Indexed on: 01 Dec '80Published on: 01 Dec '80Published in: Pharmacy world & science : PWS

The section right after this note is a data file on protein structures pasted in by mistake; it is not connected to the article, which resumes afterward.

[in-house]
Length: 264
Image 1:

Thein vitro release rate andin vivo absorption rate from various suppository bases was measured for benzoic acid (soluble in lipid, moderately soluble in water) and its sodium salt (very soluble in water, insoluble in lipid). Differences in the absorption rate due to a supposed unequal spreading of the basein vivo could not be detected.Micronised fractions of sodium benzoate were absorbed at the same rate from the various bases, indicating that the transport of the particles through the bases and across the lipid-water interface, which is rate limiting in this case, is not influenced by the chemical composition of the base. Absorption of a coarse fraction of sodium benzoate was significantly faster from Witepsol H 15 and Estarinum B suppository bases than from cocoabutter and Massuppol.It is concluded that in the case of sodium benzoate an interfacial resistance between the suppository base and the rectal fluid is present. This is probably caused by a combined effect of the aggregated state of the coarse sodium benzoate particles and an elastic emulsion layer formed at the interface of cocoabutter and Massuppol, since a coarse size fraction of sodium salicylate did not show this effect.